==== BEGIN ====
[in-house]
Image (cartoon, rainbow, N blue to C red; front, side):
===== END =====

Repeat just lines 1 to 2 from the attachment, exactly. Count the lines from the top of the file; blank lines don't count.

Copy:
[in-house]
Image (cartoon, rainbow, N blue to C red; front, side):